Rocky Mountain sawmills rebound

Rocky Mountain sawmills rebound

Clint Georg, at Saratoga Forest Management's sawmill
Clint Georg, at Saratoga Forest Management’s sawmill, which reopened in 2013 after a 10-year closure. (JZ)

When the afternoon work break ends at Saratoga Forest Management, an earsplitting ruckus resumes as dozens of sawmill workers return to their posts. Inside the two-story facility, timber is debarked, sawed, sorted and sent to dry in a kiln. By day’s end, the mill will crank out 300,000 board feet of premium studs — enough framing lumber for about 20 average-sized American houses. Not bad for a business that was sitting idle 18 months ago.

All the lumber produced here comes from pine-beetle-killed or infected lodgepole pine and Engelmann spruce, with many studs carrying the distinctive blue stain of beetle damage. Saratoga, a small southern Wyoming town of fewer than 1,700, sits in the midst of the state’s most severe pine-beetle outbreak, says Clint Georg, who reopened the mill with partners in January 2013 after a 10-year lull.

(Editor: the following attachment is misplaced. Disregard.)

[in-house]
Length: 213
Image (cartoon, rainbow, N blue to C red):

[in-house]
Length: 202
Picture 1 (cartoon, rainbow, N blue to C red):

The Saratoga mill and another recently restarted stud mill in Montrose, Colorado, are reviving the Rocky Mountain region’s wood-products industry. Both use beetle-killed wood to produce lumber. The byproducts, like sawdust and wood chips, are used by other businesses to make stove pellets, building materials and other goods. Other scraps go to a biomass power plant to produce electricity. Together, these industries are putting beetle-killed trees to use, perhaps reducing forest fire risks in the process. Yet the mills remain hampered by a lack of raw materials.

The Forest Service now sells far fewer board-feet than it once did, as the agency emphasizes new-era forestry that relies less on logging the biggest trees. The stud mills, lacking enough timber, can’t run at full capacity. They need logs and timber sales to stay afloat, Georg says, and the businesses using the byproducts need the mills.

With wood trickling in instead of flowing, Georg and others are worried that the uptick in their business may not last. Neither the industry nor the agency has quite figured out how to restore forest health while guaranteeing a steady flow of timber.

“Rocky Mountain sawmills rebound”

High Country News, November 10, 2014

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